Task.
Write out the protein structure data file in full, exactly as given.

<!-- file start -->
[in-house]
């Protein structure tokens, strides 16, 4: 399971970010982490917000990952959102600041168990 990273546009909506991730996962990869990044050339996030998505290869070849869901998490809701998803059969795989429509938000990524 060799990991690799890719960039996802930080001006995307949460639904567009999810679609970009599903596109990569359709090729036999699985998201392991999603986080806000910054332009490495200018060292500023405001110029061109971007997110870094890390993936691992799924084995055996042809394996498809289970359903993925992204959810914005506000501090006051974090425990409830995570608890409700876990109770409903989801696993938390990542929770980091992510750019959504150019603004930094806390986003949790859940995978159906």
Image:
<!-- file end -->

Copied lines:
[in-house]
């Protein structure tokens, strides 16, 4: 399971970010982490917000990952959102600041168990 990273546009909506991730996962990869990044050339996030998505290869070849869901998490809701998803059969795989429509938000990524 060799990991690799890719960039996802930080001006995307949460639904567009999810679609970009599903596109990569359709090729036999699985998201392991999603986080806000910054332009490495200018060292500023405001110029061109971007997110870094890390993936691992799924084995055996042809394996498809289970359903993925992204959810914005506000501090006051974090425990409830995570608890409700876990109770409903989801696993938390990542929770980091992510750019959504150019603004930094806390986003949790859940995978159906």
Image: